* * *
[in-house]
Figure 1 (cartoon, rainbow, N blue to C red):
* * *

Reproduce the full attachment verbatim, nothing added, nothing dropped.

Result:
[in-house]
Figure 1 (cartoon, rainbow, N blue to C red):